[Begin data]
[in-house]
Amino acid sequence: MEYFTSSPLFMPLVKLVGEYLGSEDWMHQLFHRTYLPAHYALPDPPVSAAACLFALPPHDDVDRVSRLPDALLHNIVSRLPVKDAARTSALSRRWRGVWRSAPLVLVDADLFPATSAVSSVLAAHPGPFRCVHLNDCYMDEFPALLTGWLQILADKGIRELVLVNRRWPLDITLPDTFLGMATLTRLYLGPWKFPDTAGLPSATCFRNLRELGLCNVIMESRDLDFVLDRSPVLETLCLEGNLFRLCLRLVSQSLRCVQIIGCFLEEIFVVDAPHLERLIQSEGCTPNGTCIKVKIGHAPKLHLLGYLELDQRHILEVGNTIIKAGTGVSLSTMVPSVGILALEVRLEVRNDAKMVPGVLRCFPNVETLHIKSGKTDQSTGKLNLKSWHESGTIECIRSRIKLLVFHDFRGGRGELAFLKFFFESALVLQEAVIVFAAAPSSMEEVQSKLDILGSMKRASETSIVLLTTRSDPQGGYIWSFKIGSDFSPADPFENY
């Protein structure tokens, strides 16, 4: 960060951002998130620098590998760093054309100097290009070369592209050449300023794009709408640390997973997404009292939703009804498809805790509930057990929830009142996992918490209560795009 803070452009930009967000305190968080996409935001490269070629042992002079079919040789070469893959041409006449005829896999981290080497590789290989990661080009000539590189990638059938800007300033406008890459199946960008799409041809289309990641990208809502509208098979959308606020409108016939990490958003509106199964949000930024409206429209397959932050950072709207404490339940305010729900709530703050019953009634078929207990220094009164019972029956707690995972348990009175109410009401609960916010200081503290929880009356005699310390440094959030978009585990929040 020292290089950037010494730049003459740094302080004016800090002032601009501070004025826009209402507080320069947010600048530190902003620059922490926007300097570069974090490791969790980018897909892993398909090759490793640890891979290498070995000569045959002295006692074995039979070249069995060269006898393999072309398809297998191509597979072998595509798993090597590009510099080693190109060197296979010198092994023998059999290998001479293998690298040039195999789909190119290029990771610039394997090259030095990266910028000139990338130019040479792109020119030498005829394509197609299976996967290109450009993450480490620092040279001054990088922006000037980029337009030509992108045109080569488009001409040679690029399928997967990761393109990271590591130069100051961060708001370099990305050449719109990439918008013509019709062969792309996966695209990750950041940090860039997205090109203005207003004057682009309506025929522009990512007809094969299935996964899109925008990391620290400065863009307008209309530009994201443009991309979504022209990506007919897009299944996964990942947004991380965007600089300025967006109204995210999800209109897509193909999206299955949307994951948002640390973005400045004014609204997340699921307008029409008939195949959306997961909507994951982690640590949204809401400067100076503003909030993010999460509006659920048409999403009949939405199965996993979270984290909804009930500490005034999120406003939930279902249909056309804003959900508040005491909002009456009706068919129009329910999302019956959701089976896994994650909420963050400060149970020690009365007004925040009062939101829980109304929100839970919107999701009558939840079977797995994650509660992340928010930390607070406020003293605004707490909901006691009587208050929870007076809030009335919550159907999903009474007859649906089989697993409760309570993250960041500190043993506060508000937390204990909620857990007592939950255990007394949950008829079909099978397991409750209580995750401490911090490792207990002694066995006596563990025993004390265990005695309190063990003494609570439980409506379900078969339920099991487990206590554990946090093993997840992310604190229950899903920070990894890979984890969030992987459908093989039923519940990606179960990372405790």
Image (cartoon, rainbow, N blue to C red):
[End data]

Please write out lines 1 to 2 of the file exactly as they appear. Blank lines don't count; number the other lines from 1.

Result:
[in-house]
Amino acid sequence: MEYFTSSPLFMPLVKLVGEYLGSEDWMHQLFHRTYLPAHYALPDPPVSAAACLFALPPHDDVDRVSRLPDALLHNIVSRLPVKDAARTSALSRRWRGVWRSAPLVLVDADLFPATSAVSSVLAAHPGPFRCVHLNDCYMDEFPALLTGWLQILADKGIRELVLVNRRWPLDITLPDTFLGMATLTRLYLGPWKFPDTAGLPSATCFRNLRELGLCNVIMESRDLDFVLDRSPVLETLCLEGNLFRLCLRLVSQSLRCVQIIGCFLEEIFVVDAPHLERLIQSEGCTPNGTCIKVKIGHAPKLHLLGYLELDQRHILEVGNTIIKAGTGVSLSTMVPSVGILALEVRLEVRNDAKMVPGVLRCFPNVETLHIKSGKTDQSTGKLNLKSWHESGTIECIRSRIKLLVFHDFRGGRGELAFLKFFFESALVLQEAVIVFAAAPSSMEEVQSKLDILGSMKRASETSIVLLTTRSDPQGGYIWSFKIGSDFSPADPFENY